TVA immediately will add satellite telephones and small portable generators at its three operating nuclear plants, and could within months strengthen power and water supplies to spent fuel pools and speed up the transfer of nuclear waste from pools to dry cask storage.
Chief Operating Officer Bill McCollum told board members Thursday at a meeting in Chattanooga that reviews after the Japanese nuclear crisis confirm that the utility's six reactors and five spent fuel pools are safe.
They already had been "retrofitted with safety measures to assure defense-in-depth," he said. "But we are working to assure that we're ready for the unexpected."
TVA board Chairman Dennis Bottorff said the board has hired consultants to help assess the utility's nuclear program.
While TVA reassesses its existing plants, the board delayed a decision on whether to complete a reactor at the 30-year-old Bellefonte Nuclear Plant in Hollywood, Ala.
"We continue to view nuclear power as a viable option for the future," Bottoroff said. "But we also think it's a good time to take a pause."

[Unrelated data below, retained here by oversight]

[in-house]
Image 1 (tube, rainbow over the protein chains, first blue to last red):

During the board's public listening session in Chattanooga, most of the 14 speakers asked the board to review or even phase out its commitment to nuclear power.
"The real cause of the Fukushima nuclear crisis is human error," said Sandra Kurtz, a member of the Bellefonte Efficiency & Sustainability Team, referring to a Japanese decision to put diesel tanks at a level where a tsunami could wash them away. "Human error can happen here, too."
But Jackson County, Ala., Chamber of Commerce President Rick Roden and Economic Development Board President Goodrich A. "Dus" Rogers urged TVA directors to finish the long-delayed Bellefonte reactor.
"We trust TVA to do the right thing," Roden said. "Take what you learned from Japan to make Bellefonte the most reliable and safe plant in our backyard."
Shortly after a 9.0 earthquake and tsunami triggered the Japan crisis, TVA established a centralized response center to monitor conditions at the Fukushima Dai-ichi plant and coordinate with the Institute of Nuclear Power Operations and the World Association of Nuclear Operators.
Since then, TVA has reviewed local plant requirements and response plans to a slate of disasters, single or multiple.
One example would be damage from a tornado or earthquake combined with flooding from a dam failure, with emergencies involving one or more reactor.
That look prompted a 90-day plan to add satellite phones and portable generators. It also has prompted a recommendation for the following changes within 12 months:
• Move additional nuclear fuel from spent-fuel pools into dry cask storage
• Harden cooling-water supply pipes to spent-fuel pools
• Add a fifth generator for backup power at Sequoyah and Watts Bar nuclear plants.
• Harden electrical switchyards to better withstand seismic impacts.